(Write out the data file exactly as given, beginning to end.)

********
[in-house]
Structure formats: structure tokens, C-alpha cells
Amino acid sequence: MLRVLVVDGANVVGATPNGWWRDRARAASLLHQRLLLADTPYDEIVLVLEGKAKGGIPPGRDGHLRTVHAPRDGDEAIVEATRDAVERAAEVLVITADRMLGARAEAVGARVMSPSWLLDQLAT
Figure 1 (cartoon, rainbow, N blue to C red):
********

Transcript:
[in-house]
Structure formats: structure tokens, C-alpha cells
Amino acid sequence: MLRVLVVDGANVVGATPNGWWRDRARAASLLHQRLLLADTPYDEIVLVLEGKAKGGIPPGRDGHLRTVHAPRDGDEAIVEATRDAVERAAEVLVITADRMLGARAEAVGARVMSPSWLLDQLAT
Figure 1 (cartoon, rainbow, N blue to C red):